Director – Dario Argento
Cast – Christopher Rydell, Asia Argento, Piper Laurie, Frederic Forrest, Laura Johnson, Dominique Serrand, James Russo, Ian Belgrade, Brad Dourif, Hope Alexander-Willis, Isabell O’Connor
Release Year – 1993
Reviewed by John of the Dead
1993’s Trauma was Dario Argento’s first outright film of his own since 1987’s Opera, as I am not counting his 1990 collaboration with George A Romero, titled Two Evil Eyes, a film of his own. Trauma also marks a “milestone” in Argento’s career…his first American production. While this film’s American influence is somewhat obvious(the lack of a Goblin soundtrack) I still found this flick to be an enjoyable watch despite it not being as great as most of Argento’s earlier work.
Trauma follows David Parsons(Christopher Rydell), who one day comes across a young girl standing on the edge of a bridge as she contemplates suicide. He manages to coax her out of ending her life, and looks to help the troubled girl. Her name is Aura(Asia Argento), and she has escaped a mental facility where she was being treated for anorexia, but anorexia is soon to be the least of her problems. Both of her parents are soon killed during a séance at her home, and in the worst of ways…a slow decapitation. Left with nowhere to go, Aura teams with the ever-helpful David and they try and track down this vengeful killer, before the killer finds them.
I was a bit surprised at how much I enjoyed this film. From what I have heard and read about Dario Argento’s post-Opera work, I was iffy on whether or not I would enjoy this film, but I am glad that I did. It is not nearly as great as his previous stuff but it still gave me what I came looking to see: cool kills, gore, a sweet and cunning killer, and that ever-awesome Argento twist at the end. So yeah, despite some flaws I was unaccustomed to in Argento’s flicks…I liked this one.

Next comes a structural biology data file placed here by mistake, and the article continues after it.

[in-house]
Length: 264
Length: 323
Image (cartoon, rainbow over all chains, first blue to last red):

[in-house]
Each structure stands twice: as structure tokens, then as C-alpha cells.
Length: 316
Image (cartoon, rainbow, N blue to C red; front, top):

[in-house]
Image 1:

Story-wise this flick excels, even over its direction at times. The character work was OK, and Asia did an OK job selling her troubled character. My real joy from this film’s storyline though…is the killer. I loved how this killer killed each of the victims via decapitation, and in the most macabre of ways. We don’t get the usual ax or machete to the neck type decapitation, but a machine that comes with a loop of very strong wire that is wrapped around the person’s neck, then activated to tighten around the person’s neck until the decapitation is complete. Yes, it is AWESOME! What makes this even more awesome is like I said, EVERY kill from this awesome killer, minus one kill where the killer had to get creative in decapitating the victim, is via this type of decapitation, which is risky given it takes a bit of work to make it happen and is not as easy as just an ax to the back of the victim’s neck. Because this killer was willing to risk failure and potential exposure, it shows just how brash and potentially vengeful this killer is…and I love that. Sure enough, because this is Argento the twist at the end is a nice one, and goes further into the killer’s reasons behind the decapitations. As expected, there was a strong vengeance element behind the decapitations, which I found awesome and very, VERY fulfilling.
Argento’s direction is positive, and thankfully at this point in his career he was still giving us his great camerawork and execution. The kills were fun thanks to this, and the tension was high as well. Personally, I was a tad bit disappointed with the amount of gore in this film given EVERY kill is via decapitation. I was expecting a lot of great gore due to that notion PLUS the fact that this film’s SFX man is none other than Tom Savini himself, but we just got an OK amount of gore for the numerous decapitations this flick has to offer. The decap scenes were good, but with Savini on board I expected some iconic and very detailed/slow decapitations, but they just did not happen. It could be because this flick is an American production, and did not allow Argento the freedom he had in the Italian film industry.
Overall, this is a cool film that I recommend to fans of Argento giallo-esque Italian films. We get a sweet killer, positive direction, a cool story, and a nice twist that makes things all the more satisfying.